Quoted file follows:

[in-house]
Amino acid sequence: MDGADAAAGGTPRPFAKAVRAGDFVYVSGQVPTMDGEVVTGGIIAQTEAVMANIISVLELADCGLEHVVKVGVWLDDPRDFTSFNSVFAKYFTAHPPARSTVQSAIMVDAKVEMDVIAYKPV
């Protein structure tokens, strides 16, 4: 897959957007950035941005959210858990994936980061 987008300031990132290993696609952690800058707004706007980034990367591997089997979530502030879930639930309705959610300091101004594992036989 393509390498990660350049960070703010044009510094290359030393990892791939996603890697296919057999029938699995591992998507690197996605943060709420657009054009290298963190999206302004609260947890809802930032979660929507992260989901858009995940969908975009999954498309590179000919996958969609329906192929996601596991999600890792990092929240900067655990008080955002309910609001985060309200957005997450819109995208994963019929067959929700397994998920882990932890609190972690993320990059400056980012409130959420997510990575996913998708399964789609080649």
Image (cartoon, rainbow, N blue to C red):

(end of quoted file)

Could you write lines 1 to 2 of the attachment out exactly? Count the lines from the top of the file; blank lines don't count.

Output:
[in-house]
Amino acid sequence: MDGADAAAGGTPRPFAKAVRAGDFVYVSGQVPTMDGEVVTGGIIAQTEAVMANIISVLELADCGLEHVVKVGVWLDDPRDFTSFNSVFAKYFTAHPPARSTVQSAIMVDAKVEMDVIAYKPV